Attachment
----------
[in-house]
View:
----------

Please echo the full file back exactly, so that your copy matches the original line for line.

[in-house]
View: